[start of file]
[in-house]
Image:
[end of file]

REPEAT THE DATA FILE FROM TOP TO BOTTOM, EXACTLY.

[in-house]
Image: